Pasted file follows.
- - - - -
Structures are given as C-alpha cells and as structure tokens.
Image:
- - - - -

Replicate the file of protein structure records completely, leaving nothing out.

Structures are given as C-alpha cells and as structure tokens.
Image: